Hello everyone and welcome back to another edition of TFB’s Silencer Saturday brought to you by Yankee Hill Machine, home of the new MARC Bolt Action Pistol Chassis in 300BLK and .308WIN. Last week we discussed one of my favorite topics in the firearms world – suppressed subsonic pistol caliber carbines. For those progressives out there who have sworn off compact pistol carbines in favor of rifle PDW’s, we have a treat for you this week. Dead Air has finally announced the release of the Nomad-L, a longer and quieter version of the popular Nomad-30 released in late 2018. But does size, specifically length, matter that much? (I’ve always heard that it’s ok, size doesn’t matter, followed by sobbing and sympathy hugs).
We’ve featured the Nomad-30 several times in the last year and I’m comfortable claiming it as one on my all-time favorite 7.62mm rifle suppressors. Besides being very quiet, it is relatively light weight, utilizes the near universal rear thread pitch that allows for a host of mounting systems as well as front end modularity for brakes and flash hiders.
A common question that I hear from those who are looking for a new 30 caliber is a comparison request between Dead Air’s Sandman-S and the Nomad-30 (and now Nomad-L). The short answer to this question is:
- If you are looking for a bomb-proof suppressor that can take heavy punishment from really short barrels and extended firing schedules, while accepting a bit more weight and a bit less noise reduction potential, the Sandman-S is for you.
- If you are after excellent suppression, a lighter weight while preserving modularity but are willing to sacrifice the end-of-the-world indestructibility of the Sandman series, the Nomad-30 is a top choice.
- If you want all the features of the Nomad-30 and are ok with adding almost three inches for extreme suppression for subsonic or supersonic rounds, the Nomad-L should be your first stop.
Even though the Nomad-L is Dead Air’s newest release, we did get a preview of its performance last year thanks to Discreet Ballistics hosting a sound metering day incorporating nearly two dozen manufacturers makes and models of 30 caliber suppressors. At the time, the longer Nomad was referred to as the Nomax. While slight changes have been made between the prototype and the commercially available Nomad-L, Dead Air has stated that the differences would be indistinguishable to the end user. Which means we have some solid decibel meter numbers comparing the two Nomad’s.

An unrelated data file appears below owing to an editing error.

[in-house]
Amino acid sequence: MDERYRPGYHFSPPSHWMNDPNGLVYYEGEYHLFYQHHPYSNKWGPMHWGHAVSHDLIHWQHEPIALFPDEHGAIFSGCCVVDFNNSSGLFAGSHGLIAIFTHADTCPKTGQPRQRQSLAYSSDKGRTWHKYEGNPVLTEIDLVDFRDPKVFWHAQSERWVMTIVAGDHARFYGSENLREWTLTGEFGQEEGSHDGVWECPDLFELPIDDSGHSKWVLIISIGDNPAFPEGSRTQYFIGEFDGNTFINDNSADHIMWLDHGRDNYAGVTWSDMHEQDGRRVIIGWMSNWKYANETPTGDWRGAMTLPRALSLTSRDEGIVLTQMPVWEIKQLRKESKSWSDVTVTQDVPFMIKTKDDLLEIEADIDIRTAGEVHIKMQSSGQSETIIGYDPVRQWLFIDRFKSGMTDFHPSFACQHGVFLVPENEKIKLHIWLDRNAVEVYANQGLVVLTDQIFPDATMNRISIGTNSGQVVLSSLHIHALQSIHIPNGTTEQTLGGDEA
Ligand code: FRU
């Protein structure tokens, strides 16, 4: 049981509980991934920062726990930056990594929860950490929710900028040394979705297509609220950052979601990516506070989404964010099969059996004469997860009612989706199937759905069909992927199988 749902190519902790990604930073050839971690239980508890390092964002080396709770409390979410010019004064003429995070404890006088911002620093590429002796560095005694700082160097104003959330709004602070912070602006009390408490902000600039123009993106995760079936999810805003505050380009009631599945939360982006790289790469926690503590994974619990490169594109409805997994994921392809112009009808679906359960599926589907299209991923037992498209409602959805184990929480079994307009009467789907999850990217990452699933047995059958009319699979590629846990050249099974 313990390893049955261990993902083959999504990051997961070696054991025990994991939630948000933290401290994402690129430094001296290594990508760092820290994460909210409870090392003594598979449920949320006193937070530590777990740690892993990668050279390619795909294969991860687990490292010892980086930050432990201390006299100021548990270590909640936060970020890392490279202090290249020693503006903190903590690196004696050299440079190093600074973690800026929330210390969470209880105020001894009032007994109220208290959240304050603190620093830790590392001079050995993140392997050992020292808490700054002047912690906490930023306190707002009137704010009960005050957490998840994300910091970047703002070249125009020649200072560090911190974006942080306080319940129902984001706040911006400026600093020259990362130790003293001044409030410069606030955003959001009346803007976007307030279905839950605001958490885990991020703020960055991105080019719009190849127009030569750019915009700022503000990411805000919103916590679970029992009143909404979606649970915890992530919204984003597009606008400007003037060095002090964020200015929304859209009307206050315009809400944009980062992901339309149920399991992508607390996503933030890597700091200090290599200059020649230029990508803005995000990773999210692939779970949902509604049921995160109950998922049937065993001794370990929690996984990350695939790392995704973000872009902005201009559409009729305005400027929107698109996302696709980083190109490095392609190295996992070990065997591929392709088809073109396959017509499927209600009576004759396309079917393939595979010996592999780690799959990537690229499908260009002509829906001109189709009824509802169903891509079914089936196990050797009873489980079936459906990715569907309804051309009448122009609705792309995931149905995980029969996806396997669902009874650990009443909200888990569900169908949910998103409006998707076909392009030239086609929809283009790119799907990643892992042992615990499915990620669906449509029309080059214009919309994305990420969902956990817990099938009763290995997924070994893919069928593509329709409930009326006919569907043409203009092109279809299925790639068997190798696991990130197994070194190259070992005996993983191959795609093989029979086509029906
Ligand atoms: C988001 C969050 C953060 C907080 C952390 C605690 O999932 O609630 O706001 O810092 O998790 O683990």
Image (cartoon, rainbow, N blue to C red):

Using the MiniPulse at the ear numbers, the comparison between the Nomax (Nomad-L) and the Nomad-30 spanned more than 12dB. In layman’s terms, the Nomad-L is unscientifically about four times as quiet as the Nomad-30 to the ear. That’s huge in the suppressed weapons world.
Below, the Nomax prototype is the second silencer from the right, with two Nomad-30 silencers to the left.
SILENCER SATURDAY #111: Size Matters! The New Dead Air Nomad-L
When supreme silence is the goal, the Nomad-L is the answer. Effectively suppressing .300 Blackout is child’s play. But when you step up to high-pressure cartridges you need to bring your A-Game. That’s where the Nomad-L shines. The Nomad-L still delivers class-leading performance in lower pressure calibers, but the performance undoubtedly reigns supreme when used with higher pressure calibers. At only 18.3 ounces the Nomad-L still remains agile enough for multiple platforms and hosts.
The Nomad-L is made with 17-4 stainless steel and Grade 5 titanium. Like the Nomad-30, it features an improved high-efficiency baffle design with industry-leading sound reduction at the muzzle and minimal first round pop. It ships in its direct-thread configuration with 5/8-24 threads.
The Nomad series bring plenty versatility. If you are already a fan of the Dead Air muzzle devices, you’ll be happy to know the Nomad-L is KeyMo compatible. That means your Nomad-L can have the same robust and proven attachment method as our Sandman models, giving you the best of both worlds. It is also compatible with the Sandman series front caps.
*Accessories such as Key-Mo and E-Brake shown in images are not included.
*Rated up to .300 Norma Mag.
- Rating: 22 HORNET, 5.56 NATO, 22-250, 204 RUGER, .243 WIN, 6.5 CREEDMOOR, 6.8 SPC, 7.62 NATO, 7MM REM MAG, .30-06 SPRINGFIELD, 300 BLACKOUT, 300 WIN, NORMA MAG, ULTRA MAG
- DIRECT THREAD ONLY: 5.45X39MM, 7.62X39MM W/ CONCENTRIC BARREL, 7.62X54R W/ CONCENTRIC BARREL
- Length: 8.39″ (vs 6.5″ Nomad-30)
- Weight: 18.3 oz. (vs 14 oz. Nomad-30)
- Diameter: 1.735″
- Finish: SILENCER SATURDAY #111: Length Matters! The New Dead Air Nomad-LCerakote body
- Min. Barrel Length: No Restrictions
- MSRP: $1,065
Nomad-L vs Nomad-30 Range Time:
Today’s testing is fairly simple: using the SIG Sauer MCX platform, swap between the Nomad-30 and the Nomad-L when using both supersonic and subsonic 300BLK ammunition. Since I’m still between decibel meters at the moment, you’ll have to trust my highly tuned ears for the comparison.
If I had the choice between the Nomad-L and the Nomad-30, I’d pick the newer, longer can without hesitation. Then again, I’m a decibel whore and adding two inches for a three to four times performance boost is right up my alley (that’s what she said). Either way, the Nomad-L appears to go toe to toe with the best in class suppressors currently on the market.
Update: I just walked out and shot a few more mags of subsonic 300BLK. Damn, this think is click-clack action quiet. I may have a new favorite full size rifle suppressor.
Have a great weekend everyone. Be safe, have fun and we’ll see you back here in a week for another edition of TFB’s Silencer Saturday.
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